There are, now, three versions of Superman II. The theatrical, an extended television version (not officially released) and original director Richard Donner’s take on it. Unfortunately, Superman II is–as a narrative and a sequel–rife with problems. Drawing attention to these problems is a bad idea. And the version with the least emphasis on them? Richard Lester’s original.
Whatever Lester’s problem with the Superman character, it’s not really apparent here. Superman II feels like a good Superman movie should feel–some of the campy humor works, some of it doesn’t. I’d say about fifty percent of Terence Stamp’s lines fail. The successful ones, however, are great. And Sarah Douglas is fantastic.
Most importantly, Lester gets some wonderful acting out of Margot Kidder and Christopher Reeve. The somewhat nonsensical romance doesn’t fit in the picture–and never will, no matter how many revisions people make–but it makes the film singular. Superman wasn’t a particularly long film series and the familiarity Lester gets out of Kidder and Reeve in this one, the first sequel, is something television shows usually have to go three or four seasons to achieve.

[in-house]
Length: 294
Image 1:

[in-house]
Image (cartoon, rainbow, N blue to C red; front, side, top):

The special effects–particularly the flying sequences–are occasionally weak. There are a lot more complicated rear projection sequences than in the first film and they don’t work out very often.
Like I said before, Superman II‘s basically a bad idea for a movie. But it works out in the end, thanks to the actors and, yes, Lester.
That Paris opening’s great.